Going forward, analysts project HD Supply's EPS to grow almost 50% this year and about 27% over the next five years as management focuses on investments in new products and supply chain while divesting non-core assets to deleverage and fortify its balance sheet. Meanwhile, leading industry indicators are already pointing at a recovery in non-residential construction spending; and as HD Supply operates mainly in North America, any move by Trump's administration to kick-start infrastructure spending bodes well for the company. A cut in corporate tax rates would be another boon.
For a company with such strong growth prospects, the stock's trailing P/E of under eight and a five-year projected PEG ratio of only 0.6 make for a compelling bargain. If not exactly double, these valuations indicate strong upside potential in HD Supply shares going forward.
Down but not out
Steve Symington (Under Armour C Shares): There's no denying Under Armour's fourth-quarter 2016 results were disappointing. Revenue climbed "just" 11.7% year over year, to $1.308 billion, well below guidance and breaking a 26-quarter streak of achieving at least 20% top-line growth. According to Under Armour management, slower retail traffic in North America caused significant promotional activities early in the quarter, which effectively commoditized some of the company's basic core product that had previously sold through in past years. Under Armour also saw higher demand for more "lifestyle silhouettes," which caused an imbalance in its product assortment. As a result, North American revenue grew just 5.9% year over year, to $1.075 billion, representing 83.5% of total sales.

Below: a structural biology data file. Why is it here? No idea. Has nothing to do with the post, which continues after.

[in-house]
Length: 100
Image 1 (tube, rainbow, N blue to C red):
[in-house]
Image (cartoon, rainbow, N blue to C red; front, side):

Even so, Under Armour is tackling the problem head on, and will strive for better differentiation among its core products, and to better accelerate its lifestyle product offerings to capture that broader demand. For a relatively young, fast-growing business like Under Armour, these sorts of growing pains are inevitable as the company works to better align its 2017 product assortments with consumers' wants and needs, especially in today's difficult retail environment.
Meanwhile, there were bright spots in the quarter. Under Armour's footwear revenue grew 36% year over year, to $228 million, and enjoyed accelerated growth rates in both the running and basketball categories. And international segment revenue jumped 55.2% (60% at constant currency), to $215.3 million, with particular strength in the U.K., Germany, China, and Australia.
As it stands, Under Armour stock sits more than 55% below its 52-week high. But as Under Armour continues to foster these high-growth areas while working through its near-term challenges in North America, I think patient, long-term investors who take advantage of its recent post-earnings plunge will be more than happy with the end result.
George Budwell has no position in any stocks mentioned. Neha Chamaria has no position in any stocks mentioned. Steve Symington owns shares of Under Armour (C Shares). The Motley Fool owns shares of and recommends Under Armour (C Shares). The Motley Fool has a disclosure policy.